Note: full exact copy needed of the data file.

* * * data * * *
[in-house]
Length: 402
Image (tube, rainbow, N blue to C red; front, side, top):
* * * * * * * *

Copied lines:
[in-house]
Length: 402
Image (tube, rainbow, N blue to C red; front, side, top):